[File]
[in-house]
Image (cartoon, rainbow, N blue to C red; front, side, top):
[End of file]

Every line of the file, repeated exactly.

[in-house]
Image (cartoon, rainbow, N blue to C red; front, side, top):